Poor Kraft.

All the food company wanted to do was evoke the fanciful notion of a delicious world. But ever since a new division of the company proposed the name Mondelez International Inc., critics have scoffed all over it.

On Thursday, it got even worse: the Chicago version of the business newspaper Crain's reported that the name -- pronounced mon-da-LEEZ -- sounds sexually explicit in Russian. This could lead to a bit of a roadblock when it comes to marketing munchies in Moscow.

The sad story began with a press release on Wednesday. Kraft recently split into two divisions: one to pursue the snack industry globally and another to focus on North American groceries. To distinguish the global side of the business, headquarters suggested renaming it Mondelez. (The North American branch will be called Kraft Foods Group, Inc.)

The press release eagerly explained the odd choice: Monde derives from the Latin word for 'world,' and 'delez' is a fanciful expression of 'delicious.' In addition, 'International' captures the global nature of the business.

But an astute reader of Crain's wrote to explain that in Russia, Mondelez sounds pretty vulgar. The first two syllables sound like a profane way to refer to female genitalia, and the last syllable roughly resembles a verb meaning oral sex.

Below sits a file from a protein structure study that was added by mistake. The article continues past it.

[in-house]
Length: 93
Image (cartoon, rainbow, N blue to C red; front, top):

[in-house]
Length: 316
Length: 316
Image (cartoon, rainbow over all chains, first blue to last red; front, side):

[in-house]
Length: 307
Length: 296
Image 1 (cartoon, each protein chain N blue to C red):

Looks like Mondelez won't be peddling pastries in St. Petersburg.

The unfortunate moniker joins a long list of hilariously ill-conceived translations that have sullied the reputations of some global companies.

In 1972 and 1978, Chevrolet erred by marketing their Nova model in Mexico, Venezuela, and other Spanish-speaking countries. No va, as it turns out, means it doesn't go in Spanish. Luckily, according to Snopes, the error did not result in a sales slump.

A pharmaceutical company once set out to market a weight-loss pill under the name Tegro, reports CNN. In French, the word sounds like t'es gros, meaning you're fat.

Then there's the famous Parker Pen Co. incident; back in 1935, the company was marketing fountain pens that wouldn't leak into pockets and ruin anyone's crisp, white business shirt. So the company translated its slogan -- It won't leak in your pocket and embarrass you! -- into Spanish, they used the verb embarazar. Unfortunately, that means impregnate, not embarrass.

And just this Thursday, a website selling knock-off clothing -- they pretended to be an Abercrombie & Fitch outlet  --  apparently had some trouble translating from the original Chinese text. They described the color of a brown pair of pants using a racist epithet, sparking outrage on Twitter.

So the beleaguered Kraft marketing team can take solace in the fact that they're far from the first American company to get hopelessly lost in translations.